Social security death records are required by law and help prevent identity theft. In the midst of the grief of losing a parent, you suddenly find a new and longer "to do list". The Social Security Administration (US government) maintains all the records of births, marriage, divorces and deaths. Here's what to do after a parents dies to file a death notice.
Social Security needs to be notified quickly after your parents death. As soon as possible is best. There are two ways to accomplish this.
1. Ask the funeral director that is handling your parent's affairs. Most often the funeral home handles filing the death notice with social security. All they will need is your parent's social security number, along with their complete name.(Include both their birthname and married name if your parent changed their name when married.)
2. The second way is for you, another member of the family, or whoever is responsible for the beneficiary's affairs to
call the Social Security office toll-free and notify them of the beneficiary's death.
To Notify Social Security of Beneficiary's Death
Toll-free at 1-800-772-1213. (TTY 1-800-325-0778)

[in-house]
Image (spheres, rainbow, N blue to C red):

Pay attention to this notice from SSA if your parent was already receiving Social Security. You'll need to plan ahead so that you and your family will not be in a jam in the last month of your parent's life, or end up having to pay a penalty later. (Bold is mine.)
"If the deceased was receiving Social Security benefits, you must return the benefit received for the month of death or any later months. For example, if the person dies in July, you must return the benefit paid in August. If benefits were paid by direct deposit, contact the bank or other financial institution. Request that any funds received for the month of death or later be returned to Social Security. If the benefits were paid by check, do not cash any checks received for the month in which the person dies or later. Return the checks to Social Security as soon as possible."